FRANKFURT (Reuters) - The European Central Bank will cut some of its growth forecasts at its meeting on Thursday and its projections will also show only a modest rise in underlying and headline inflation in the coming years, two sources familiar with the matter said.
Growth will be not far above 1 percent both this year and next, the figures are expected to show, underpinning the ECB’s plans to approve more stimulus, the sources, who asked not to be named, told Reuters.
The forecasts suggest that, even with a new round of stimulus, the ECB will struggle to hit its inflation target, something it has failed to do since 2013. The central bank targets euro zone inflation of just below 2%.
An ECB spokesman declined to comment.
With growth slowing, the ECB has all but promised more support for the economy in one of the most highly anticipated meetings in years, leaving markets only to guess the composition of its measures.
It is almost certain to cut rates, promise to keep rates low for longer and provide banks relief from the side effects of negative rates. However, new asset purchases, priced in by markets, are not a done deal with some conservative policymakers opposing the move.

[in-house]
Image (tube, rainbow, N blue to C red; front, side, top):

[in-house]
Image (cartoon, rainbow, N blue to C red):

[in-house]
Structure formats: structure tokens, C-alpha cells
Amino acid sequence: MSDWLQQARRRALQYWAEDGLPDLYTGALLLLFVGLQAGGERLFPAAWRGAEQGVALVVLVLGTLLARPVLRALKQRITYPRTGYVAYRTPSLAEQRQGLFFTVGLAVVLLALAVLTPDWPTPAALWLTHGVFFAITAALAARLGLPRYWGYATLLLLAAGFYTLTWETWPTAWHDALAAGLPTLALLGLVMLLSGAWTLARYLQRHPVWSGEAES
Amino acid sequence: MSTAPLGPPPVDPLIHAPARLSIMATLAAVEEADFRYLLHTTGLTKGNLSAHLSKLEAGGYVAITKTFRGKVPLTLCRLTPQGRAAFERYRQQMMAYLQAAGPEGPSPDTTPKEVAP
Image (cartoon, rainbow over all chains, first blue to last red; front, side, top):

Economists in a Reuters poll expected the euro zone’s economy to expand by 1.1 percent both this year and next, below the ECB’s own projection for 1.2 percent this year and 1.4 percent in 2020.
Although the domestic economy has so far remained resilient to weak foreign demand and overseas political uncertainty, more recent figures are starting to show the effect of contagion with a slowdown in employment growth an weakness in some sentiment indicators.
Headline and underlying inflation are still expected to rise but the increase will be slow and protracted, mostly due to weaker economic growth, the sources added.
The ECB’s staff projections, updated once every quarter, form the backbone of the ECB’s decisions and normally justify policy moves.
Key figures are usually read out by ECB President Mario Draghi while the bulk of the projections are published at 1330 GMT.
Reporting by Balazs Koranyi; Editing by Toby Chopra